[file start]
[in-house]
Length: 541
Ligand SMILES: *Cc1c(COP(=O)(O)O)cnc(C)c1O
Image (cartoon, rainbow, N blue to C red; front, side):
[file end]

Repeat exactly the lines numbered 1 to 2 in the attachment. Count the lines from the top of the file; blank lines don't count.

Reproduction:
[in-house]
Length: 541